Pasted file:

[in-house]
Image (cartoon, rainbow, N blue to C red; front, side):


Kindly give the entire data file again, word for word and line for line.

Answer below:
[in-house]
Image (cartoon, rainbow, N blue to C red; front, side):